Philippine Supreme Court Jurisprudence


Philippine Supreme Court Jurisprudence > Year 1984 > May 1984 Decisions > G.R. No. 59762 May 11, 1984 - FILOMENO CATORCE v. COURT OF APPEALS, ET AL.:




PHILIPPINE SUPREME COURT DECISIONS

FIRST DIVISION

[G.R. No. 59762. May 11, 1984.]

FILOMENO CATORCE, Petitioner, v. COURT OF APPEALS and PEDRO BAGAYAWA, Respondents.

Judicial Cases Division for Petitioner.

Felix Lancaon for Respondents.


SYLLABUS


1. LABOR AND SOCIAL LEGISLATIONS; AGRICULTURAL LAND REFORM CODE; AGRARIAN RELATIONS; TENANCY; ACTION FOR REINSTATEMENT; THREE-YEAR PRESCRIPTIVE PERIOD; RECKONED FROM FILING OF FIRST COMPLAINT IN CASE AT BAR. — Although Section 38 of Republic Act No. 3844, as amended, does provide that "an action to enforce any cause of action under this Code shall be barred if not commenced within three years after such cause of action accrued," respondent Court had overlooked the fact that petitioner had first filed a Complaint for reinstatement on January 9, 1980, but that the same was dismissed for non-compliance with the requirements of Presidential Decree No. 1508. The prescriptive period, therefore, should be reckoned, not from November 20, 1980 when the second Complaint was filed, but from filing of that first Complaint, in which event only two (2) years and three (3) months from the accrual of the cause of action have elapsed. Clearly, petitioner had not slept on his rights, the dismissal of said Complaint having been due to a procedural technicality.

2. ID.; ID.; ID.; ID.; SECURITY OF TENURE, GUARANTEED TO TENANTS. — Petitioner had been adjudged the bona fide tenant of the landholding in question. Not only did respondent fail to controvert this fact, but he even impliedly admitted the same in his Answer to petitioner’s Complaint when he raised, as one of his defenses, the alleged voluntary surrender of the landholding by petitioner. Respondent Court should have taken this fact into consideration for tenants are guaranteed security of tenure, meaning the continued enjoyment and possession of their landholding except when their dispossession had been authorized by virtue of a final and executory judgment, which is not so in the case at bar.

3. ID.; ID.; LIBERALLY INTERPRETED. — The Agricultural Land Reform Code has been designed to promote economic and social stability (Gonzales v. GSIS, 107 SCRA 492 (1981). Being a social legislation, it must be interpreted liberally to give full force and effect to its clear intent (Ibid., Pasadas v. CA, 82 SCRA 250 (1978), which is "to achieve a dignified existence for the small farmers" and to make them "more independent, self-reliant and responsible citizens, and a source of genuine strength in our democratic society." (Section 2[2] and [6], R.A. No. 3844, as amended)


D E C I S I O N


MELENCIO-HERRERA, J.:


Petitioner Filomeno Catorce, a pauper litigant, seeks a review of the decision of the then Court of Appeals in CA-G. R. No. SP-13089-CAR setting aside, on a procedural ground, the judgment rendered in his favor by the former Court of Agrarian Relations, Branch II, Naga City, in CAR Case No. 6676-CS-80, for Reinstatement, Fixing of Leasehold Rentals and Damages, which he filed against private respondent Pedro Bagayawa.chanrobles virtual lawlibrary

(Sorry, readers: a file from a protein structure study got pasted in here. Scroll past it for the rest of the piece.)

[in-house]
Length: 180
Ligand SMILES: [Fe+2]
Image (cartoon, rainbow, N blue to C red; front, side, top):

The controversy stemmed from the following facts:chanrob1es virtual 1aw library

In 1954, petitioner was instituted tenant over a parcel of irrigated rice land situated at Sta. Cruz, Buhi, Camarines Sur, with an area of .7065 hectare, by the owner thereof, Simeona Merilles. Their agreement was subject to the condition that petitioner would shoulder all the expenses of production under a sharing system of 1/4 — 3/4 in favor of petitioner. The landholding in question was planted to rice two times a year, the "cataunan" cropping season covering the period from June to November, and the "doble", covering the period from December to May, with the highest production at 25 cavans per cropping season.

In 1960, the property was mortgaged by the landowner to Andrea Bagayawa, mother of respondent, who from that time on, received the landowner’s share of the harvest from petitioner.

In October, 1977, Andrea took possession of the land without petitioner’s knowledge and consent, and caused the cultivation thereof without giving any share of the harvest to petitioner. The latter tried to retrieve possession but Andrea told him that she would work the land for the "cataunan" season only to recover the expenses she had incurred in the cultivation of the land. Petitioner acceded to buy peace.

After the "cataunan" cropping season, petitioner tried again to get possession but Andrea and her son, respondent Pedro Bagayawa, refused and, instead, continued tilling the land. Petitioner reported the incident to the Office of the Ministry of Agrarian Reform at Nabua, which sent mediation notices to Andrea 1 , but the latter never appeared. Petitioner, assisted by the Bureau of Agrarian Legal Assistance of the Ministry of Agrarian Reform, then filed a Complaint with the Agrarian Court (CAR Case No. 6040) on January 9, 1980 which was, however, dismissed without prejudice for not having passed first the Lupon Pambarangay as mandatorily required by Presidential Decree No. 1508. Andrea died on January 30. 1980, and respondent, her son, took over possession of the land.chanrobles.com : virtual law library

On November 20, 1980, petitioner again filed a Complaint for Reinstatement, Fixing of Leasehold Rentals and Damages against Andrea’s successor-in-interest, respondent Pedro Bagayawa. The latter failed to file an Answer within the reglementary period. The case was then set for hearing, notice of which was served upon respondent, but the latter did not appear, and petitioner was allowed to present his evidence by affidavits.